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Fuji Supreme 1.1 review

4 Feb 2021
Verdict:

The Supreme 1.1 is Fuji's fastest-ever road bike, and it's just for women. Photography: Mike Massaro

Cyclist Rating: 
For 
Fast, and not just for a women's bike • No patronisingly feminine design touches • Bespoke geometry for different sizes
Against 
Heavier than some rivals

In 2015, in the halcyon days before Trump and Brexit, I reviewed the Fuji Supreme 2.1. At the time, it was the second-best bike in the company’s Supreme range, and – purple butterfly paintjob notwithstanding – it was an impressive women’s race bike at a reasonable price of £1,800.

But in bike years 2015 is eons ago, and the four new bikes in the Supreme range feel like they are from another planet (and another price point). Such is the pace of change in cycling these days. At the top of the family tree is the Supreme 1.1.

It took two years to develop, and Fuji claims it’s the company’s fastest women’s bike yet – indeed, its fastest road bike, full stop.

Compared to those old bikes it is indeed a true transformation. The new frame has dropped seatstays, truncated kamm-tail aero tube profiles, sharp angles wherever you look, and the geometry has been radically overhauled.

The components have been up-scaled too. Sram’s Red eTap HRD is the kind of top-spec groupset that rarely gets an airing on women-specific bikes, and the Oval Concepts 950 Disc 50mm carbon wheels with Vittoria Corsa G+ tyres are equally mouth-watering.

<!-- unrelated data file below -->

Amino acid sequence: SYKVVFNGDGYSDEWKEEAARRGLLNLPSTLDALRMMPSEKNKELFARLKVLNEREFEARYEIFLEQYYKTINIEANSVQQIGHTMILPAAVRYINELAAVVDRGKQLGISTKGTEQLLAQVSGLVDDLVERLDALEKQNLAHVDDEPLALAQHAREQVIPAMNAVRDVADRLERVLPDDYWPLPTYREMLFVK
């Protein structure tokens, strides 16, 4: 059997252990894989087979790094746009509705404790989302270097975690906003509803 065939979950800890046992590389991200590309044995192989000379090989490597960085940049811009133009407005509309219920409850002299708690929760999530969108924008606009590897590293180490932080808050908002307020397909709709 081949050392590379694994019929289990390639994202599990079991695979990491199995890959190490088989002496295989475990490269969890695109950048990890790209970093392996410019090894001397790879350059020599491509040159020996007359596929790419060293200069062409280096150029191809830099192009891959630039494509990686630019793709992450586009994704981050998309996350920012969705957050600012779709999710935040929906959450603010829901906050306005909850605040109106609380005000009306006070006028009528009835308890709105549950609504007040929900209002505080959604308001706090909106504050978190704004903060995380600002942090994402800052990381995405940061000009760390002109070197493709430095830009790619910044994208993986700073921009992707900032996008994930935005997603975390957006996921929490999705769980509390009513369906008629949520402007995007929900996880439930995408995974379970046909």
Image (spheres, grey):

What’s more, the purple butterflies have gone. Whether that means Fuji has bought into post-feminist theory is anyone’s guess, but the 1.1 now features a sporty-looking raw carbon frame with just enough gold trim to turn the eye of a Hatton Garden jewellery thief.

The result of this makeover is a formidable aero race bike that, when compared to the previous top-of-the-range Supreme, is ‘three minutes and 23 seconds faster and requires 14 watts less to maintain the same speed’, according to Fuji (based on a 56kg rider travelling at 40kmh for 40km).

Compared to Fuji’s men’s aero Transonic, the Supreme is allegedly 1min 19sec faster, which means this women’s bike is faster than its male equivalent. Radical, yes. And about time too. 

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Faster than fast

Fuji started its overhaul of the Supreme with the geometry. At a time when some brands are ditching women-specific geometries, Fuji has stuck to its guns and focussed on creating a performance bike designed specifically for women.

Informed by fit data collected over three decades, the Supreme offers ‘female-specific geometry with slightly shorter top tubes and slightly taller head tubes compared to our other competition platforms’, says Steven Fairchild, Fuji’s global product manager.

Crucially, as per any serious race bike, the geometry has been designed around each size, as opposed to ‘simply taking one geometry and enlarging or shrinking it’, a common complaint made about many women’s road bikes, which historically have been based on shrunken down men’s frames.

As well as incorporating light and stiff ultra-high modulus carbon fibres, each frame is laid up differently in the mould depending on frame size (unlike many brands, which develop one frame and use the same layup schedule for all sizes). This, says Fuji, ensures performance is proportional throughout the size range.

An XXS, for example, has deliberately less stiff tubes than a size medium to offset the fact that the smaller triangles of smaller frames make for stiffer bikes.